Remote Learning Through the Eyes of a Teacher and a Student

Two views on remote learning, and how it's shaping student education during the pandemic.

When it was 4 PM in New Haven, the sun was beginning to set. At that time, it was 5 AM and pitch black in Taiwan. Photo of the empty Pierson College Courtyard at 4 pm, by Stephen Davis.
When it was 4 PM in New Haven, the sun was beginning to set. At that time, it was 5 AM and pitch black in Taiwan. Photo of the empty Pierson College Courtyard at 4 pm, by Stephen Davis.

Through the lens of a student:

Claire Fang

I started writing this on January 1st, 2021. In New Haven, Connecticut, it was 13 hours behind, December 31, 2020 — a different day, a different year.

Studying abroad in Taiwan, but at (is “at” even the correct word anymore, given the spatial difference?) Yale University, I’ve come to experience time as a truly relative, socially-constructed concept. These numbers that once had so much meaning to me: the New Year’s countdown, essay deadlines, minutes before midnight — they all lose their special, unique significance​ when I realize that they are all duplicated, duplicable, duplicitous. 

What I’m trying to convey is how I’ll look at the clock and note “It’s almost eleven o’ clock.” And then immediately after, I make this adjustment: “It must be 10 a.m. back in America, now’s the perfect time to send my professor that important email.” I used to live in one place, with one time. Now I live in two. I have to think about the schedules of two geographically and temporally distant peoples. Figuring out where in the house I should set up my Zoom classes so I don’t wake my sleeping parents, deciding when I should wake up so I can have lunch with my family, considering whether I should reply to my friends’ chat messages now or later so I can catch them when they’re awake — that’s all become a part of my Zoom University routine.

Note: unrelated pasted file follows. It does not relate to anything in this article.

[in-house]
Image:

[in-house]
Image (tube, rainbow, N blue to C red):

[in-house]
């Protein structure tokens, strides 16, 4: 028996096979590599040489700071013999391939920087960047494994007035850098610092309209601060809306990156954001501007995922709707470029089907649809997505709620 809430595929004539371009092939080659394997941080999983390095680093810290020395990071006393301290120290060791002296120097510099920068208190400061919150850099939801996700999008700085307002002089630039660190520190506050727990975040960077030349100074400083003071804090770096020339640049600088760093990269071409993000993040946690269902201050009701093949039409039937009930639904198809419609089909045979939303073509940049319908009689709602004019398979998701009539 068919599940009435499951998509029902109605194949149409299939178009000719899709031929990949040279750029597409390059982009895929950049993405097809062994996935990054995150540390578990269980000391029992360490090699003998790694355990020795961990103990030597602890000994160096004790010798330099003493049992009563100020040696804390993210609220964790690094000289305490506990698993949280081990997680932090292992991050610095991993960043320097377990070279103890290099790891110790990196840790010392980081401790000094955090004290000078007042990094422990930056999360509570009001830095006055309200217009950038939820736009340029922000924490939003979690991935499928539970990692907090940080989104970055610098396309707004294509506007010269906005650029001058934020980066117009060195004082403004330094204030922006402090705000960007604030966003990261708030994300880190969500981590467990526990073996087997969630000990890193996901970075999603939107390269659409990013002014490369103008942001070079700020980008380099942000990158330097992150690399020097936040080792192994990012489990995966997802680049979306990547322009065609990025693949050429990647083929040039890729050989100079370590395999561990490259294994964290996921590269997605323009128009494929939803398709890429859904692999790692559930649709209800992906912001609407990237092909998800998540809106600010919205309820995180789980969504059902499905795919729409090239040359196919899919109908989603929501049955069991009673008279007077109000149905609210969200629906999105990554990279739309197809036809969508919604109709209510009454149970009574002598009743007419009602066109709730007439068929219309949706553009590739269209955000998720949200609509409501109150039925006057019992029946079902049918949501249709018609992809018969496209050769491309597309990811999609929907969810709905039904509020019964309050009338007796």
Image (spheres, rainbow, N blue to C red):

Though, what actually happened can be better described as how I forced myself to abide by New Haven time while living in Taiwan. I slept sufficient, yet still ungodly hours. My sleep schedule would ricochet from about 8 a.m. to 3 p.m. for the weekdays (7 p.m. to 3 a.m. in New Haven time, post-daylight saving), to 5 a.m. to 12 p.m. for the weekends. I’d make frequent adjustments to that schedule, of course, depending on what meetings I had or what “midnight” essay deadlines I had to meet. I kept my circadian rhythm going with artificial light; night and day no longer had any meaning for me. I’d go to sleep long after dawn and wake up in time for the sunset.  

Speaking of my circadian rhythm, I spent the last four or so months of 2020 learning the meaning of this term, and that of many other sleep-related concepts, in a class called “The Mystery of Sleep.”  

You can imagine how much I’ve been thinking about sleep, and how to optimize it, for this last semester. As soon as I saw “Mystery of Sleep” in the course catalogue (we call it the Blue Book) I knew that this was what could give my remote learning experience some measure of comprehensibility. I learned much of what I expected to learn: how the circadian rhythm works (Fun fact! It’s slightly longer than 24 hours, which might explain how my sleep schedule would steadily shift later and later as the semester went on), the disastrous consequences of not sleeping enough, and the particular sleep needs of people my age.